The present inventor believes that lottery gaming and other casino-related games can be played using match sticks, match splints, matchbooks and matchboxes as the gaming medium; whether the match-related gaming is for actual profit, or just for entertainment and advertising purposes. If such medium were used for gaming, the user would benefit from further use of the gaming medium even if the game has expired. Advertising can accompany the game so that additional revenue can be generated from sponsors by state-managed games or casinos utilizing match holders for their over-the-counter gaming.
Accordingly, it is a feature of the present invention to provide a new medium for lottery gaming and other casino-related games to be played.
In accordance with unique feature of the present invention, match sticks, match splints, matchbooks and matchboxes are utilized as the medium for carrying out casino-like card games, lotteries and raffles.
In accordance with features of the invention, match-related media can be used whether the match-related gaming is for actual profit, or just for entertainment and advertising purposes. If such medium were used for gaming, the user can benefit from further use of the gaming medium even if the game has expired.
In accordance with another feature of the present invention, advertising can accompany the game so that additional revenue can be generated from sponsors by state-managed games or casinos utilizing match holders for their over-the-counter gaming.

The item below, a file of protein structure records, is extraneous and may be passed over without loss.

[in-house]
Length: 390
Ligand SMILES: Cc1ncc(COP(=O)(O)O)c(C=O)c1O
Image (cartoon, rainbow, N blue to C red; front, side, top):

In accordance with yet another feature of the present invention, inside surfaces of a matchbook are printed with gaming instructions, control numbers, serial numbers, winning outcome legends, and prize notifications.
In accordance with yet another feature of the present invention, games including at least one of Poker, Pai Gow, Baccarat, Powerball, and fundraising raffles are played and managed using match-related media.
The front section 110 of the matchbook operates as a protective flap and opening cover that enables a user to access the splints 180 contained within the matchbook 100. The interior surface 115 is only visible when the front section 150 is opened, thereby exposing the interior surfaces 115, 125 of the matchbook 100, and the splints 180. The interior surface 115 of the cover 110 is located above the panels 170 when they are secured within the bottom section of the matchbook 100. The interior 115, 135 and exterior front 110, back 120 and top 130 surfaces of the matchbook 100 provide adequate space for advertisements and other printed media. The back exterior surface 120 of the matchbook 100, however, provides the greatest area for printing advertisements, including text, logos and designs. The interior surface of the front section 115 (under the protective flap) can also be used for printed media and is probably viewed most often by the user during matchbook use.